Six Down

by Stuart Millard

The hand to mouth thing had gotten old. Rattling around in a house that was too big for one man, drowning in utilities bills and rent payments to sustain a place that felt like more of a burden than a home. I subtly raised the issue with my boss, hoping for a bump in pay, but getting a speech about priorities. “You own your own burial plot, but you don't own your home,” he'd said, and I couldn't help but agree. That night, I arranged for everything to be put into storage, and by the weekend, I was lowering myself down into my new abode.

Even on the first night, it didn't seem so bad. I warmed some soup on a small camping stove and slept underneath a blanket looking up at the clouds. I'm sure there's a lot of pop-psychology about the safety of the womb, but really, it was just cosy down there, down in the Earth; below everyone and everything, underneath the noise and the chatter. We have too much space. The world's so big, you could never fill it with enough things to stop it from feeling empty. Down there, I could only stretch out my arms if I sat sideways, but when I did, I still couldn't feel the edges.

Soon, the routine of coming home every night to the comfort of my grave pushed aside any and all thoughts of returning to bricks and mortar. I hammered some bookshelves into the soil and hung a picture on a nail I'd found by the bin they keep all the dead flowers in. By night I'd read by torchlight or listen to the mating screeches of the foxes across the way, and on weekends I'd stroll around the cemetery, or if it was raining, listen to music and wank underneath my tarp. One day a football bounced into the dirt and rolled towards me. As I picked it up and inspected the scribbles of biro inked into the leather, a voice called down from above.

“1988 Liverpool Squad. Sorry about that,” said the face, before adding “I've just moved in next door.” He told me his name was Mort and that he wasn't short of money or homeless, he'd just seen me clambering down one night and thought it must be a nice way to live. “I might go back on weekends,” he'd said, but he never did. More followed, taking up residence in nearby burial plots and making them their own; first time buyers, students, divorcees, young couples — pretty soon we'd got ourselves a whole community. One neighbour was recently separated and had just sold his house. He spent his share on the nicest plot in the whole grounds, underneath the willow tree at the top of the slope. “Look at that view,” he'd said, before proudly leaping inside. As content as I was, the sight of the newly-weds from three graves down eyeing a small adjacent plot - the perfect size for a child's coffin — hand in hand and with tender hope in their eyes had filled me with the first flutterings of broodiness. Now that I was settled, maybe it was time to start thinking about a family of my own.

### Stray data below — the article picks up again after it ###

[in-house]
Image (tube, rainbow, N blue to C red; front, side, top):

One morning, I awoke to red and blue flickers and the sound of sobbing. Mort had passed away in the night, rocked by a massive heart attack that had finished him off before his fiftieth birthday. I spent that night tossing and shifting in the dirt, preoccupied by how morbid it was to be sleeping a few yards from where somebody had died. A few days later, as I climbed out to go to Mort's funeral, I found myself face to face with someone who was moving into his hole. Apparently there'd been such a demand for the plot that they'd accepted a buyout, and the new tenant was already settling in. That's why the funeral took place in a house. Mort was laid to rest in a comfy chair, in the living room of a semi-detached three bedroom residential property that would have gone for £350k in the old days. As became customary, the television was left on, while there were a selection of unread hardback books on the coffee table in the centre of the room and authentically ethnic African masks hanging in the hallway.

People have become so desperate for unused plots that they're starting to exhume the old ones just to keep up with the demand, digging up the bones and propping them up in armchairs that used to seat the living. Dusty old corpses with flock wallpaper and Ikea console stands, with all that space that we no longer need. But I've got my home, and they can't take it from me. Not while I'm still breathing.